Effective Reserve: A Latent Variable to Improve Outcome Prediction in Stroke

Citation:

Schirmer MD, Etherton Md PhD MR, Dalca PhD AV, Giese Md A-K, Cloonan MSc L, Wu PhD O, Golland PhD P, Rost Md Mph Faan NS. Effective Reserve: A Latent Variable to Improve Outcome Prediction in Stroke. J Stroke Cerebrovasc Dis 2019;28(1):63-69. Copy at https://j.mp/2LiHiST

Date Published:

2019 Jan

Abstract:

Prediction of functional outcome after stroke based on initial presentation remains an open challenge, suggesting that an important aspect is missing from these prediction models. There exists the notion of a protective mechanism called brain reserve, which may be utilized to understand variations in disease outcome. In this work, we expand the concept of brain reserve (effective reserve) to improve prediction models of functional outcome after acute ischemic stroke (AIS). Consecutive AIS patients with acute brain magnetic resonance imaging (<48 hours) were eligible for this study. White matter hyperintensity and acute infarct volume were determined on T2 fluid attenuated inversion recovery and diffusion weighted images, respectively. Modified Rankin Scale scores were obtained at 90days poststroke. Effective reserve was defined as a latent variable using structural equation modeling by including age, systolic blood pressure, and intracranial volume measurements. Of 453 AIS patients (mean age 66.6 ± 14.7 years), 36% were male and 311 hypertensive. There was inverse association between effective reserve and 90-day modified Rankin Scale scores (path coefficient -0.18 ± 0.01, P < .01). Compared to a model without effective reserve, correlation between predicted and observed modified Rankin Scale scores improved in the effective-reserve-based model (Spearman's ρ 0.29 ± 0.18 versus 0.15 ± 0.17, P < .001). Furthermore, hypertensive patients exhibited lower effective reserve (P < 10). Using effective reserve in prediction models of stroke outcome is feasible and leads to better model performance. Furthermore, higher effective reserve is associated with more favorable functional poststoke outcome and might correspond to an overall better vascular health.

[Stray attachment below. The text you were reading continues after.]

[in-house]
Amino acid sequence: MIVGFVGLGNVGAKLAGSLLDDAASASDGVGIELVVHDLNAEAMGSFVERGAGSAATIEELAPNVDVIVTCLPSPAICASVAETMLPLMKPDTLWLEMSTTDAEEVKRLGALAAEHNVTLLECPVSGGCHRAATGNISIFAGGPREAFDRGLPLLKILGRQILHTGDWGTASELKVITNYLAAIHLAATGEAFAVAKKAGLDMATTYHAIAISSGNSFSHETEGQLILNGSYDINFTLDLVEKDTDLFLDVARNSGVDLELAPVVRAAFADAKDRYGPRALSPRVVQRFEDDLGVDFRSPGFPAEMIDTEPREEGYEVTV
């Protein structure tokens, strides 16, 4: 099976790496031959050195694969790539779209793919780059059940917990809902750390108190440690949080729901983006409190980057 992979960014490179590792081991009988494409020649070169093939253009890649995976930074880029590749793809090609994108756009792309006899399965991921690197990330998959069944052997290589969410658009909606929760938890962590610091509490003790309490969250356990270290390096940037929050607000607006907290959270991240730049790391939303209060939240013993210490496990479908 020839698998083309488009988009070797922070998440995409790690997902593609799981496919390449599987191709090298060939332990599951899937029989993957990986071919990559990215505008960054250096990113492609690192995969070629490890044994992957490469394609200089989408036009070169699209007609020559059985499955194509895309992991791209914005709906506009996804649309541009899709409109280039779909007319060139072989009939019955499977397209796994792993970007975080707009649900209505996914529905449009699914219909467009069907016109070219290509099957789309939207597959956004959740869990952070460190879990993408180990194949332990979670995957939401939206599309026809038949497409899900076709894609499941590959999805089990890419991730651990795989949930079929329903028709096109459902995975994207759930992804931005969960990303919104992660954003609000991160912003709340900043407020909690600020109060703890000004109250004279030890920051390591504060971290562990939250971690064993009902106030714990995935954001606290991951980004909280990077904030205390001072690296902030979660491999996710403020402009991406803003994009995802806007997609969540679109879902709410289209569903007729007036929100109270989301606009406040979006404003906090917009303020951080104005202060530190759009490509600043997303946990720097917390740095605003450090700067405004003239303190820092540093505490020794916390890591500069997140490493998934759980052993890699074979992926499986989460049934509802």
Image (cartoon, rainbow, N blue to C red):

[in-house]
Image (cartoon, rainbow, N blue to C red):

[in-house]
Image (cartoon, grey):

See also: Stroke
Last updated on 11/27/2019